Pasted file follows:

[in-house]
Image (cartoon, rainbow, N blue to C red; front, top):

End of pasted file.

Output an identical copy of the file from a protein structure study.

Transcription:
[in-house]
Image (cartoon, rainbow, N blue to C red; front, top):